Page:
The corpses of more than 300 starlings have been found strewn along a road in Bodedern, a village in the west of Anglesey, Wales, with their cause of death remaining a mystery and terrifying locals.
The bodies of the dead birds littered the roadhttps://t.co/6GSy23cRsV— North Wales Live (@northwaleslive) December 11, 2019
The starlings were spotted near Llyn Llywenan, the largest fresh water lake on the Isle of Anglesey, by Hannah Stevens on her way home on 10 December, reported NorthWalesLive.
Dismayed Miss Stevens said she had initially seen the "massive flock" flying overhead before landing and then appearing to eat something in the road.
Just an hour later, the birds were all dead.
The footage was captured by the woman’s partner, Dafydd Edwards, who had ventured out to investigate the incident.
"There's easily more than 300 of them. I counted 150 last night but I gave up as there's just hundreds of them littered everywhere. It's as if they just dropped down dead from the sky,” said Edwards.
The man added:
"My partner spotted it when she was on the way to the doctors yesterday late afternoon. She said she saw hundreds of them flying over and thought it looked amazing but on her way back around an hour later they were all dead in the road. I didn't believe her so I went to see for myself. It's very strange, I can't put my finger on it.”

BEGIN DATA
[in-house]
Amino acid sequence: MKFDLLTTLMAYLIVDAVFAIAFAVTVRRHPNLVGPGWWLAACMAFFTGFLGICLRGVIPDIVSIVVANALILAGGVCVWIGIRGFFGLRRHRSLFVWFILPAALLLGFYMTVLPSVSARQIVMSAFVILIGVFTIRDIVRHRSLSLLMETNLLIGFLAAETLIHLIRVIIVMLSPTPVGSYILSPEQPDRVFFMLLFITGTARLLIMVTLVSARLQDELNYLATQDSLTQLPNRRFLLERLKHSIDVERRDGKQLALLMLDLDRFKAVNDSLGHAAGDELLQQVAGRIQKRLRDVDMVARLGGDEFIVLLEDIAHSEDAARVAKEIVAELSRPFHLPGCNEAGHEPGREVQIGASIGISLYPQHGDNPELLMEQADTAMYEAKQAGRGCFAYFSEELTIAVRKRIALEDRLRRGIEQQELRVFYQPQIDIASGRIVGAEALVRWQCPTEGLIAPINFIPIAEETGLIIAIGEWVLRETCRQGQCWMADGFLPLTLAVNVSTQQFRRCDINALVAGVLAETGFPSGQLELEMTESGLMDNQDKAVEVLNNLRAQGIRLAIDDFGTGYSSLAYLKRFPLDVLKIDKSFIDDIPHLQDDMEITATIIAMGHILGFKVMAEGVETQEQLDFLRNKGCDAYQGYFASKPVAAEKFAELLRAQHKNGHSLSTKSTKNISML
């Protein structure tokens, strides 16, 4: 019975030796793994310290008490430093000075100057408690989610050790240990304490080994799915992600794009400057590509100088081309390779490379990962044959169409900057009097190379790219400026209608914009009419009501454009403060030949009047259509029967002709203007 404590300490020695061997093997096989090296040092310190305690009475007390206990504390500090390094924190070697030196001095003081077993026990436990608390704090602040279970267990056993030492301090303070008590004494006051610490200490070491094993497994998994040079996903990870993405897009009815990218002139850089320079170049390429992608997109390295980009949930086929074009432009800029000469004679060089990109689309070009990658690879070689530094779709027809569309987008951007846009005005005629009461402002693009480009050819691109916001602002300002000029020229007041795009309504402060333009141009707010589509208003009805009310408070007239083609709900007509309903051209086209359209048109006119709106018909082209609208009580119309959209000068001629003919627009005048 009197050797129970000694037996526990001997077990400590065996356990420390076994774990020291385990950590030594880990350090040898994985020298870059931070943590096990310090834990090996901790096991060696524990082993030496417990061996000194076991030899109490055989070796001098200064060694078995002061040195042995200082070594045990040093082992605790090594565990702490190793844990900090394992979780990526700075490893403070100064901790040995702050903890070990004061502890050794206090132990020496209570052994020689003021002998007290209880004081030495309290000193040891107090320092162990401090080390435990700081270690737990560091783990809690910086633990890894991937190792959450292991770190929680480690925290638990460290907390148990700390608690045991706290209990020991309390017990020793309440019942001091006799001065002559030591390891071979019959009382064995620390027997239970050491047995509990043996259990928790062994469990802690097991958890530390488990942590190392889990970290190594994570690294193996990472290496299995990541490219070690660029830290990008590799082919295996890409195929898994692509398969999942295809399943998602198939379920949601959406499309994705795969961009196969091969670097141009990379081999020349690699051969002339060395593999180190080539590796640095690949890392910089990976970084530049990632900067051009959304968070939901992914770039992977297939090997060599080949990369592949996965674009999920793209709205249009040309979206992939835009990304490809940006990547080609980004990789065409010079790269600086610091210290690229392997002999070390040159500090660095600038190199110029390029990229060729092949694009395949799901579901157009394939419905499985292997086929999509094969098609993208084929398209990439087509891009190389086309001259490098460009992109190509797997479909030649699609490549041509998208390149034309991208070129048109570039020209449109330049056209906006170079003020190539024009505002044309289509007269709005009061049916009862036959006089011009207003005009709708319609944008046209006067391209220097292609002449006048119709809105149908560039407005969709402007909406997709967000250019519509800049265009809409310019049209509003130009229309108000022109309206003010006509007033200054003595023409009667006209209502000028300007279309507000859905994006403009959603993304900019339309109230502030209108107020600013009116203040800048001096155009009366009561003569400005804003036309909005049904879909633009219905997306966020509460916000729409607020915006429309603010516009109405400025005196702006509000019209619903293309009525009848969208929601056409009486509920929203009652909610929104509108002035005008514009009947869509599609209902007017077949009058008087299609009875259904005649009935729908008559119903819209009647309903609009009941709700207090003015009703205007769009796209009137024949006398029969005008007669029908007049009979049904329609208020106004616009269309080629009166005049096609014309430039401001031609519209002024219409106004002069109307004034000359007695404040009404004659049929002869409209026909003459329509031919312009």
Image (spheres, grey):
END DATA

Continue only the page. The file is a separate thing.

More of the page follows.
Dafydd Edwards got in touch with North Wales Rural Crime Team and the Animal and Plant Health Agency in the hope that they can shed some light on to how the birds died.
It is not the first time large numbers of birds have fallen from the sky in apocalyptic scenes, sparking conspiracy theories.
In 2011, as many as 5,000 birds fell to the earth on New Year’s eve in Arkansas, in the town of Beebe, with many of them crashing into trees, lampposts and buildings.
The phenomenon brought with it predictions of anything ranging from bad omens to the end of the world.
It was thought loud fireworks could have scared the birds to death, or caused them to crash to the ground.
A similar occurrence took place in the same town the following year, though the second time just over a hundred birds died.
Ornithologists claim that mass in-air deaths of birds can be caused by a wide range of things, such as inclement weather, tall structures that are constantly lit and disorient the birds, cell phone towers, wind turbines, or power lines.